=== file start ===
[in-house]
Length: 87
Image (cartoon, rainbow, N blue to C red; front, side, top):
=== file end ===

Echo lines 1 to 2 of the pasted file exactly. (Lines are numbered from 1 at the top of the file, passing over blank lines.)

[in-house]
Length: 87